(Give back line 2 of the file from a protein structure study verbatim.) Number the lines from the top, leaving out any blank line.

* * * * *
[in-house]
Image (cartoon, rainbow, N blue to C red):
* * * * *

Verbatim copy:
Image (cartoon, rainbow, N blue to C red):